Hamid Karzai, Afghanistan’s beleaguered president, fired yet another shot over the bow of the West during a meeting with members of the Afghan parliament. From The New York Times:
At the meeting, Mr. Karzai stepped up his anti-Western statements, according to a Parliament member who attended but spoke on condition of anonymity.
“If you and the international community pressure me more, I swear that I am going to join the Taliban,” Mr. Karzai said, according to the Parliament member.
A spokesman for Mr. Karzai, Waheed Omar, could not be reached for comment on Sunday.
The comments come just two days after making similar statements on Thursday, when he said the Taliban would become the legitimate resistance if the international community continues to interfere in Afghanistan’s internal politics.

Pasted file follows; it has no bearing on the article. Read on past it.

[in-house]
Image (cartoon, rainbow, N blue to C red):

Allissa Rubin’s new analysis at The New York Times neatly sums up the quandary facing the West in trying to wage a counterinsurgency with Karzai at the helm of the Afghan government. Peter Galbraith’s quote is sure to raise some eyebrows.
“There is no point in having troops in a mission that cannot be accomplished,” said Peter W. Galbraith, former United Nations deputy special representative for Afghanistan, who was dismissed over what his superiors called Mr. Galbraith’s advocacy of Mr. Karzai’s removal – an allegation Mr. Galbraith has denied. “The mission might be important, but if it can’t be achieved, there is no point in sending these troops into battle. Part of the problem is that counterinsurgency requires a credible local partner.”
Are you a dedicated reader of FDD's Long War Journal? Has our research benefitted you or your team over the years? Support our independent reporting and analysis today by considering a one-time or monthly donation. Thanks for reading! You can make a tax-deductible donation here.